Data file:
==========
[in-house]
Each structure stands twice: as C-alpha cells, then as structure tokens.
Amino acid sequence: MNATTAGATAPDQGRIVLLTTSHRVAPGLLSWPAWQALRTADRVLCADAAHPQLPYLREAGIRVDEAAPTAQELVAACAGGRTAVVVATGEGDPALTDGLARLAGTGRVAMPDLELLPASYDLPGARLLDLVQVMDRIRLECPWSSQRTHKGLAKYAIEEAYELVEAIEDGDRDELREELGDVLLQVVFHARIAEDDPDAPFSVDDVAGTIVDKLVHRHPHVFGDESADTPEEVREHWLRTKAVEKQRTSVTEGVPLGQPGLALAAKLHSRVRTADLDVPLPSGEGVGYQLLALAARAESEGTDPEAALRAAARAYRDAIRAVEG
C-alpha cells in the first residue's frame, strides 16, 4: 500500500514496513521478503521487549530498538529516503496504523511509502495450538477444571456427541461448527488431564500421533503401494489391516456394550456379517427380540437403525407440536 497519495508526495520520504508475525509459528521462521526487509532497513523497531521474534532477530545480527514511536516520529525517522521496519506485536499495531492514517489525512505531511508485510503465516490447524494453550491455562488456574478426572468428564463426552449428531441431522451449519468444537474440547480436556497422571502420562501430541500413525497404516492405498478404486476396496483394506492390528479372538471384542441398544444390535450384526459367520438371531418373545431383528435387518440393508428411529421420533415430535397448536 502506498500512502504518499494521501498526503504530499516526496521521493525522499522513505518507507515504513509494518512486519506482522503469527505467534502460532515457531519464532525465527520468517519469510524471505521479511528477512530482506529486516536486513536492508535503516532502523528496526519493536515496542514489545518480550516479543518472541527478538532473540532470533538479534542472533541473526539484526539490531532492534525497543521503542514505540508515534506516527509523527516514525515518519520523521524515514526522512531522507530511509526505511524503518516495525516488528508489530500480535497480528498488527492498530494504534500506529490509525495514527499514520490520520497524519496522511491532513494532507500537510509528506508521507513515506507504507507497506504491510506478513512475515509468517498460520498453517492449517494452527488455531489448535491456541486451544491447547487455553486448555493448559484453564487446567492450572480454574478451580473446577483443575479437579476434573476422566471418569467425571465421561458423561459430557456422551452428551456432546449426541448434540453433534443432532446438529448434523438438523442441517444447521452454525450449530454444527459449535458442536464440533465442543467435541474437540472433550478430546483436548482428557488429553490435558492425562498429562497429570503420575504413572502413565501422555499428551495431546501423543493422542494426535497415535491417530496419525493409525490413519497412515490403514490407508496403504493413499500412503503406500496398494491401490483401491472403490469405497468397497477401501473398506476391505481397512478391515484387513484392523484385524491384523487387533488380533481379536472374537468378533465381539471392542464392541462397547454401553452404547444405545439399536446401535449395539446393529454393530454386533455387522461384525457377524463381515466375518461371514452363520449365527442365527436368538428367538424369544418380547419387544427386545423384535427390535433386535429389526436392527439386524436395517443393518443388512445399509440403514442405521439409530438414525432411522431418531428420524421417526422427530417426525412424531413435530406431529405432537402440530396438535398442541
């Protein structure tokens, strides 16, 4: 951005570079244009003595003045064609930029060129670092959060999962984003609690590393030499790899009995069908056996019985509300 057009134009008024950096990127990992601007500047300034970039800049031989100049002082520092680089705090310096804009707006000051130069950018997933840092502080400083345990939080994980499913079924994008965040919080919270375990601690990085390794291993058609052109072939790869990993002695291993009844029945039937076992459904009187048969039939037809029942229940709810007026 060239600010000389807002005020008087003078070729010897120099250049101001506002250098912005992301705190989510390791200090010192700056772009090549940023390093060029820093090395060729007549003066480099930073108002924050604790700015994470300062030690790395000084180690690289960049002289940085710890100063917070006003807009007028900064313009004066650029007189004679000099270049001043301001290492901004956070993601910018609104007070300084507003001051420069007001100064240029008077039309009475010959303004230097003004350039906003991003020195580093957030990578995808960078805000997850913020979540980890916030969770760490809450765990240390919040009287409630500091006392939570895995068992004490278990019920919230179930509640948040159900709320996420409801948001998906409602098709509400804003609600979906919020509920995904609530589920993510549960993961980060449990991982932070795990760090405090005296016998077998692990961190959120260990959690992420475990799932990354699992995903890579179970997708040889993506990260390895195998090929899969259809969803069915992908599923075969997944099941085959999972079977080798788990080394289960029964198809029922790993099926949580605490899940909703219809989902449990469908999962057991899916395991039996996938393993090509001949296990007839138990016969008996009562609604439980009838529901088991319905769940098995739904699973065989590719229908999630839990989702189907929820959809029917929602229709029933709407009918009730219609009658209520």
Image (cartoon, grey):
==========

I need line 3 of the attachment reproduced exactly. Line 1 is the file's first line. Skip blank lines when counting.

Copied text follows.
Amino acid sequence: MNATTAGATAPDQGRIVLLTTSHRVAPGLLSWPAWQALRTADRVLCADAAHPQLPYLREAGIRVDEAAPTAQELVAACAGGRTAVVVATGEGDPALTDGLARLAGTGRVAMPDLELLPASYDLPGARLLDLVQVMDRIRLECPWSSQRTHKGLAKYAIEEAYELVEAIEDGDRDELREELGDVLLQVVFHARIAEDDPDAPFSVDDVAGTIVDKLVHRHPHVFGDESADTPEEVREHWLRTKAVEKQRTSVTEGVPLGQPGLALAAKLHSRVRTADLDVPLPSGEGVGYQLLALAARAESEGTDPEAALRAAARAYRDAIRAVEG